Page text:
Monday, November 25, 2013
I've been hard at work updating my own online shop with a new, prettier and more streamlined storefront. To celebrate, I am having a holiday sale, with all brass and copper earrings on sale for $10 off. I also have hypo-allergenic ear wires available for those with sensitive ears.
Sunday, September 8, 2013
A while back I mentioned on facebook that I have been working on cleaning/organizing my studio space, and I promised a picture when it was all done. Now I should point out that I use the term "studio" very loosely because my work space is actually... a coat closet, with the linen closet around the corner for additional storage. Now this isn't the best photo because this closet is in a hallway, but I thought it might be helpful to other metalsmiths working in small spaces and apartments to see how I set it up.
So you can see that I have a very small bench in there. It's actually a portable bench that sits on a folding stand. There's a narrow space alongside the bench so I got one of those inexpensive rolling shelves to hold additional tools next to my bench. I have a hanging shoe organizer on the door to hold various frequently used tools and supplies, and drawer bins on the shelf above to hold materials. The closet bar comes in handy for keeping saw frames and safety glasses readily at hand. You can also see where I used my little mini-vise as a jury-rig clamp to hold the front of my poor little bench together. I should probably fix that so I can use my vise for its intended purpose again! Probably still looks a bit messy to some but for me this is really clean! I should probably add that I don't do any soldering or enameling in the closet. I do that on the stovetop where I have a little additional ventilation rigged up. I also avoid toxic chemicals in my work to reduce hazards associated with working in my living space. All in all it's not so bad. My old apartment had a butler's pantry. Now THAT was a studio space, but a coat closet is better than nothing!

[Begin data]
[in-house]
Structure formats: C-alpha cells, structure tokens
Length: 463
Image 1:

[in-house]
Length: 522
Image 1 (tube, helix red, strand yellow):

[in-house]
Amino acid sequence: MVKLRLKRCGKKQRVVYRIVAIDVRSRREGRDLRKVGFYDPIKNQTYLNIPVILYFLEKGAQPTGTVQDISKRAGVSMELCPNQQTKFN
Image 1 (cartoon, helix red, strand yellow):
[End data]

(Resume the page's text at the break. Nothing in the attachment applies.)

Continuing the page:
Monday, August 19, 2013